“These services are run by and for LGBTIQ people, for the community, which allows for really ready engagement,” says Jackson. “There's existing relationships; rich connections.

"By providing services, through community development, engaging with people's health needs through social events and elements of pride and celebration, it allows those services to not only provide a sort of channel for information, but to demonstrate what best practice that is customised and tailored to the needs of those communities looks like.  

“The option of a health service controlled by their community can start someone on their mental health recovery journey earlier. Social dimensions form an important part of mental health. Having that link with community allows organisations to support community connection, an important protective factor in suicide prevention, and to support people to develop a sense of their own community and identity as might be appropriate for their culture.

“The other key element here is that LGBTIQA+ community-controlled organisations are accountable to their communities as their board is made up of members of the LGBTIQA+ community.”

Private Lives 3 found that some members of the LGBTIQA+ community prefer to use a mainstream service that is culturally safe for them.

“We know that when LGBTIQA+ people access mainstream services, they're often looking for what we call ‘green lights’ that they may be safe and that they are in the right place for them,” says Jackson.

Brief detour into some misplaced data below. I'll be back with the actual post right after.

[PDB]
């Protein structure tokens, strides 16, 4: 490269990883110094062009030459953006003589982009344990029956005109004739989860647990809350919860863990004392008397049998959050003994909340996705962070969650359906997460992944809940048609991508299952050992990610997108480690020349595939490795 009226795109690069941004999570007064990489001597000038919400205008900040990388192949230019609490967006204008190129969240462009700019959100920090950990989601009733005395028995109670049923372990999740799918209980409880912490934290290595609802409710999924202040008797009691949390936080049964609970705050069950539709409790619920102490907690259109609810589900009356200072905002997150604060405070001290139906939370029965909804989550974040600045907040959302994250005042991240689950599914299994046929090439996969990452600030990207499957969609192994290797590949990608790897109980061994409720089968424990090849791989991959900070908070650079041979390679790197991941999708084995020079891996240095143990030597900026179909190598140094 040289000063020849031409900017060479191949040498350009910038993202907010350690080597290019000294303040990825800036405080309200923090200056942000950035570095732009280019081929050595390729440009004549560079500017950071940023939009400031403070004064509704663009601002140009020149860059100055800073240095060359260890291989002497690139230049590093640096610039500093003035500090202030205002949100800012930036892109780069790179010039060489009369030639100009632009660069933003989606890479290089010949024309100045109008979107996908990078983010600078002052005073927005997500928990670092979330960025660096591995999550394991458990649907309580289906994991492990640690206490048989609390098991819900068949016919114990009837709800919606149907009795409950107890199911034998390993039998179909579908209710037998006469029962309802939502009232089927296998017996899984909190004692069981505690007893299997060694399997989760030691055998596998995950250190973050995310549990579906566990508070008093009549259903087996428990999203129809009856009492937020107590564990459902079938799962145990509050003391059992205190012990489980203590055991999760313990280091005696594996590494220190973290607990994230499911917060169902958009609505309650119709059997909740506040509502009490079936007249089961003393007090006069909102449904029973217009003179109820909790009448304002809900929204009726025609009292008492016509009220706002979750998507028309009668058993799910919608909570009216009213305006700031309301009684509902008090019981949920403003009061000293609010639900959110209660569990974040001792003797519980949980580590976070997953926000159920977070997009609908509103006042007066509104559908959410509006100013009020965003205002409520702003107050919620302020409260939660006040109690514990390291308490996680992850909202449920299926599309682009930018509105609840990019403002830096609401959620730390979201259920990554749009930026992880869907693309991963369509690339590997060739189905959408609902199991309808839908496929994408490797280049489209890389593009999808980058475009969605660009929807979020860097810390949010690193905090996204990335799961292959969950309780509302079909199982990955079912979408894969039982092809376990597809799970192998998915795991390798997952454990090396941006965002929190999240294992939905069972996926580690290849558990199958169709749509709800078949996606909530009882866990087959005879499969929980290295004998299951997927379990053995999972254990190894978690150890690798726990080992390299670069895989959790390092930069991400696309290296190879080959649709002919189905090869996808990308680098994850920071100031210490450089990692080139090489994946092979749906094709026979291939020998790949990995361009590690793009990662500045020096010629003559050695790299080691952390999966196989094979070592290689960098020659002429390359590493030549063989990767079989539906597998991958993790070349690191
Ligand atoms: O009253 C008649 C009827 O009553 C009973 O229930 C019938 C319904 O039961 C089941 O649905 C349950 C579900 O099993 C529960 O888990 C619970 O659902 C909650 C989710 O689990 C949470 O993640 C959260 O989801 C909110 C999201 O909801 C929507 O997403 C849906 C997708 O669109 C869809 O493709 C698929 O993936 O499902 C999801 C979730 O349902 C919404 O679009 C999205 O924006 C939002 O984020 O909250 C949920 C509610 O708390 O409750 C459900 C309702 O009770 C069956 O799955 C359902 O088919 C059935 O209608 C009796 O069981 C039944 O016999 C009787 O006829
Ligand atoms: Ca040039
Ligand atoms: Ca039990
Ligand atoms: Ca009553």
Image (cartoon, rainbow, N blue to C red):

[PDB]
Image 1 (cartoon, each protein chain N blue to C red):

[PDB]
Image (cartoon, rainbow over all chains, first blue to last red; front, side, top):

“One experience of discrimination or prejudice, no matter how inadvertent or accidental that may be, can lead to someone falling through the cracks of the system and not engaging for some time, if at all."

The potential of being put off in this way can have a huge impact on a person’s decision to receive help with their mental health.

“We know that when people walk through the door, they're looking for signs that they're going to be safe, that they're going to be seen, that they're going to be given the specialised healthcare or mental healthcare that tailors and meets their needs.

"They want care that recognises the unique experience of the world and doesn't attempt to treat everyone the same, but rather meets them where they're at and provides appropriate and connected care. That’s why we need more LGBTIQ culturally safe mainstream services, like those who have achieved Rainbow Tick accreditation.”

Extra funding to keep good works going

Provision of early trauma-informed care can achieve the early-stage engagement in mental health services that prevents a need at a crisis point. These early initiatives can help reduce spending further down the line and save the suffering of many. When crisis does occur, specialist bed-based services play a vital role in supporting recovery.

“It's critical that we provide services that encourage regular engagement earlier on rather than late-stage engagement where things have already gotten to crisis point,” says Jackson.

The Victorian Government has been making investments in works for the LGBTIQA+ community, Jackson recognises, and further investment would help ensure those initiatives are given a chance of success.

“We really welcome the investment into the Rainbow Door program, Victoria's HEY program — the Health and Equal Youth Project — as well as the investment into the Royal Children's Hospital and Monash Health gender clinics and the investment in supporting community organisations and peak bodies to provide peer services to support people to navigate services.\

“But more needs to be done to achieve a system where LGBTIQA+ people have the freedom to choose the supports they need to live happier, healthier lives."